We also ordered a plate of anticuchos de paiche, with tostones. Paiche is a massive South American river fish that is white and sweet, much like cod (indeed, it’s sometimes called the “cod of the Amazon”); but has a bit of chewy bite to it, making it strong enough to withstand the grill. It was marinated in lime juice, pepper paste, and spices, and cooked absolutely perfectly, plucked off the grill just at the point when it was cooked through. It was juicy, bursting with flavor, yet still delicate. This was one of the best fish dishes I’ve ever eaten, bar none – and I don’t say that lightly.

My daughter ordered a plate of pesto pasta for herself; she said it was good. I tasted it and thought it was decent. (This might work for a vegetarian, as well as the breads / condiments, and possibly the bean stews – but ask which dishes are made with meat stock; I bet most are.)

For dessert, we all shared a plate of picarones, deep-fried beignets/doughnuts made of pumpkin, sweet potato, and sweet spices like cinnamon and clove. They were fresh and light, with most of its sweetness lent by the generous pouring of miel (molasses syrup). It was a perfect end to our lunch.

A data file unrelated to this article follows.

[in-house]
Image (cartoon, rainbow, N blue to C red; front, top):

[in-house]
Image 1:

The service was excellent: friendly, knowledgeable, prompt, and unobtrusive. They cheerfully obliged our every request, even when I (very annoyingly) asked to take pictures of everyone and everything. They even took pictures on each of our phones.

Overall I found Panchita provided a very good meal for a reasonable price (with the exception of the bread). The entire meal for 5 people, including drinks, came to just over $400 soles – about $130 American dollars. Now that is a bargain, even with a steep “bread tax.”

Keep in mind this is more casual fare. It’s a good place for a fun lunch or happy hour with friends. We’ll definitely give it another try next time we’re in Lima, and sample some of the main dishes. I would recommend it.

New posts soon… I promise!

Hello again… I’m sorry – I know I’ve been neglecting my blog! It’s been far too long since my last post. In my defense, it’s been an incredibly busy time:  we’re selling our house and planning a move; and I just started working full-time on my master’s degree in Food Studies. I underestimated how busy I would be! I’m simply a stressed-out mess, to be honest!